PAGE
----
Study finds drug-resistant bacteria can colonize in drains, spread to sinks and eventually reach patients
By Mary Elizabeth Dallas
MONDAY, Feb. 27, 2017 (HealthDay News) -- New research suggests that the battle against "superbugs" -- multidrug-resistant bacteria -- should begin in hospital sinks.
In the study, scientists found that germs colonize in drainpipes and gradually make their way into sinks. The researchers warned that this is one way hospital patients could be exposed to superbugs.
Previous research has shown that patients are dying from multidrug-resistant bacterial infections while in the hospital. More than 32 studies have described the spread of bacteria resistant to the last-resort antibiotic, carbapenem, through sinks and other areas where water can pool inside hospitals, the study authors explained.
"We wanted to better understand how transmission occurs, so that the numbers of these infections could be reduced," said lead investigator Dr. Amy Mathers. She is an associate professor of medicine and pathology at the University of Virginia.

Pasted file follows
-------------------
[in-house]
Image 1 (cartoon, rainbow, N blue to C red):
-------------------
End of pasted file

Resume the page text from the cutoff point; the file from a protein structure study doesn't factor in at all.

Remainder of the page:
To investigate the issue, the research team created five identical sinks in a lab. The sinks were replicas of intensive-care unit sinks at the University of Virginia's Charlottesville hospital.
The researchers contaminated the sinks with E. coli bacteria, which typically lives harmlessly in the human digestive tract but can acquire harmful genes and become resistant to antibiotics.
After colonizing in drains, the bacteria slowly started to grow toward the sink strainers, growing 1 inch each day, the study revealed. It took one week for the bacteria to reach hospital sink strainers. Once there, the germs were soon splashed around the sink, the counters and other nearby sinks, the findings showed.
The study was published Feb. 24 in the journal Applied and Environmental Microbiology.
The researchers are now working with the U.S. Centers for Disease Control and Prevention to pinpoint exactly how the sink bacteria reach patients.
"This type of foundational research is needed to understand how these bacteria are transmitted, so that we can develop and test potential intervention strategies that can be used to prevent further spread," Mathers explained in a journal news release.
The U.S. Centers for Disease Control and Prevention has more on antibiotic-resistant bacteria.
SOURCE: Applied and Environmental Microbiology, news release, Feb. 24, 2017
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